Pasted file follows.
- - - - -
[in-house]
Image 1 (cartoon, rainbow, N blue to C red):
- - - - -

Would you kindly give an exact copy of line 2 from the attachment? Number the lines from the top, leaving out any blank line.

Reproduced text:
Image 1 (cartoon, rainbow, N blue to C red):